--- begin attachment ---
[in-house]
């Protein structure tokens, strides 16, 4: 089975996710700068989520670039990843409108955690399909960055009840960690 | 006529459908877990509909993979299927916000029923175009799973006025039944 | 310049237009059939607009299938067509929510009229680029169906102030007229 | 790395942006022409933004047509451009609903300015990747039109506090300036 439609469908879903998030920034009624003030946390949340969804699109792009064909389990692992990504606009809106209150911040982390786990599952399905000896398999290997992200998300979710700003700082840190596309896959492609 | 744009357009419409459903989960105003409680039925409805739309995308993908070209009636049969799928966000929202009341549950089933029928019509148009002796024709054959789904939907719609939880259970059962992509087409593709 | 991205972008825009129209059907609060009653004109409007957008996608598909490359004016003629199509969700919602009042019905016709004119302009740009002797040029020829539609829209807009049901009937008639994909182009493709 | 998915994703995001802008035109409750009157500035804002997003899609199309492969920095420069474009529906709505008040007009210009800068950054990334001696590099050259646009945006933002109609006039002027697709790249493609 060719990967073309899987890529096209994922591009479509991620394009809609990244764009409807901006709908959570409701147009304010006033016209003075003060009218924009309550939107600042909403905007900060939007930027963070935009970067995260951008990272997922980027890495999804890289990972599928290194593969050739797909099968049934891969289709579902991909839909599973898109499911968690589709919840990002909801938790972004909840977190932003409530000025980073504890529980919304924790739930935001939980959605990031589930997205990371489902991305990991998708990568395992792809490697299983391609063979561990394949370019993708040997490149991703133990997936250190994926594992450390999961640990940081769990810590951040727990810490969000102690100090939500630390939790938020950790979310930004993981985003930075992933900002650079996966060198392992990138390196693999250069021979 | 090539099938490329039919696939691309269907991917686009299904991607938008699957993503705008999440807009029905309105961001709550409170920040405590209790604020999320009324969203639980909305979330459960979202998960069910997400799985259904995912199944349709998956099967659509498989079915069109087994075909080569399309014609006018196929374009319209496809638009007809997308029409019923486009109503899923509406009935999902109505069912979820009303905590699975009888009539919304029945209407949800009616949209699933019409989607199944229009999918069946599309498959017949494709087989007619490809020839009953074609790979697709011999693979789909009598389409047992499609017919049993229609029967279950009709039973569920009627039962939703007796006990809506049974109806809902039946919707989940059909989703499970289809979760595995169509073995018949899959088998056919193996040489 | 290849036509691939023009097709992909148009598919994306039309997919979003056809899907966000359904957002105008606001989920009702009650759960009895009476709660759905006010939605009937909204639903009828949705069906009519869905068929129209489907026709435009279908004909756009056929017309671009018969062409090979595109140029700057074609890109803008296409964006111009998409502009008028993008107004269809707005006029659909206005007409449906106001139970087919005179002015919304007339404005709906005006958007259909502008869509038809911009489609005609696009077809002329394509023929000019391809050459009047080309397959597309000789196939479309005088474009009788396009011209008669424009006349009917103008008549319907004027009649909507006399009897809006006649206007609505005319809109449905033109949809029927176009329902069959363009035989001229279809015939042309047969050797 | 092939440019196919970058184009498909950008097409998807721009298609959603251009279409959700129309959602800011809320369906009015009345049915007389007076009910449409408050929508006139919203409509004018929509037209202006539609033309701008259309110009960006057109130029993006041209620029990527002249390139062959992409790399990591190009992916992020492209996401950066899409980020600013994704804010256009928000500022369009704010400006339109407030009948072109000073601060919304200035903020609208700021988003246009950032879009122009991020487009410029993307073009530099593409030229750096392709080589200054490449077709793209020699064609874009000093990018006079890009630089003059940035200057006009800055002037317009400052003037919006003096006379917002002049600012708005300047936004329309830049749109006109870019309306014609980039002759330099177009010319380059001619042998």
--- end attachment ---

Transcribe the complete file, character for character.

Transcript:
[in-house]
């Protein structure tokens, strides 16, 4: 089975996710700068989520670039990843409108955690399909960055009840960690 | 006529459908877990509909993979299927916000029923175009799973006025039944 | 310049237009059939607009299938067509929510009229680029169906102030007229 | 790395942006022409933004047509451009609903300015990747039109506090300036 439609469908879903998030920034009624003030946390949340969804699109792009064909389990692992990504606009809106209150911040982390786990599952399905000896398999290997992200998300979710700003700082840190596309896959492609 | 744009357009419409459903989960105003409680039925409805739309995308993908070209009636049969799928966000929202009341549950089933029928019509148009002796024709054959789904939907719609939880259970059962992509087409593709 | 991205972008825009129209059907609060009653004109409007957008996608598909490359004016003629199509969700919602009042019905016709004119302009740009002797040029020829539609829209807009049901009937008639994909182009493709 | 998915994703995001802008035109409750009157500035804002997003899609199309492969920095420069474009529906709505008040007009210009800068950054990334001696590099050259646009945006933002109609006039002027697709790249493609 060719990967073309899987890529096209994922591009479509991620394009809609990244764009409807901006709908959570409701147009304010006033016209003075003060009218924009309550939107600042909403905007900060939007930027963070935009970067995260951008990272997922980027890495999804890289990972599928290194593969050739797909099968049934891969289709579902991909839909599973898109499911968690589709919840990002909801938790972004909840977190932003409530000025980073504890529980919304924790739930935001939980959605990031589930997205990371489902991305990991998708990568395992792809490697299983391609063979561990394949370019993708040997490149991703133990997936250190994926594992450390999961640990940081769990810590951040727990810490969000102690100090939500630390939790938020950790979310930004993981985003930075992933900002650079996966060198392992990138390196693999250069021979 | 090539099938490329039919696939691309269907991917686009299904991607938008699957993503705008999440807009029905309105961001709550409170920040405590209790604020999320009324969203639980909305979330459960979202998960069910997400799985259904995912199944349709998956099967659509498989079915069109087994075909080569399309014609006018196929374009319209496809638009007809997308029409019923486009109503899923509406009935999902109505069912979820009303905590699975009888009539919304029945209407949800009616949209699933019409989607199944229009999918069946599309498959017949494709087989007619490809020839009953074609790979697709011999693979789909009598389409047992499609017919049993229609029967279950009709039973569920009627039962939703007796006990809506049974109806809902039946919707989940059909989703499970289809979760595995169509073995018949899959088998056919193996040489 | 290849036509691939023009097709992909148009598919994306039309997919979003056809899907966000359904957002105008606001989920009702009650759960009895009476709660759905006010939605009937909204639903009828949705069906009519869905068929129209489907026709435009279908004909756009056929017309671009018969062409090979595109140029700057074609890109803008296409964006111009998409502009008028993008107004269809707005006029659909206005007409449906106001139970087919005179002015919304007339404005709906005006958007259909502008869509038809911009489609005609696009077809002329394509023929000019391809050459009047080309397959597309000789196939479309005088474009009788396009011209008669424009006349009917103008008549319907004027009649909507006399009897809006006649206007609505005319809109449905033109949809029927176009329902069959363009035989001229279809015939042309047969050797 | 092939440019196919970058184009498909950008097409998807721009298609959603251009279409959700129309959602800011809320369906009015009345049915007389007076009910449409408050929508006139919203409509004018929509037209202006539609033309701008259309110009960006057109130029993006041209620029990527002249390139062959992409790399990591190009992916992020492209996401950066899409980020600013994704804010256009928000500022369009704010400006339109407030009948072109000073601060919304200035903020609208700021988003246009950032879009122009991020487009410029993307073009530099593409030229750096392709080589200054490449077709793209020699064609874009000093990018006079890009630089003059940035200057006009800055002037317009400052003037919006003096006379917002002049600012708005300047936004329309830049749109006109870019309306014609980039002759330099177009010319380059001619042998």